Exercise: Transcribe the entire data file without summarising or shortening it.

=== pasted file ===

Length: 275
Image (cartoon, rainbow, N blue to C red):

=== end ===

Length: 275
Image (cartoon, rainbow, N blue to C red):